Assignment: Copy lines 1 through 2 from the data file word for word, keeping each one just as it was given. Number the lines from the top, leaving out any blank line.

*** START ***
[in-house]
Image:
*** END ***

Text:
[in-house]
Image: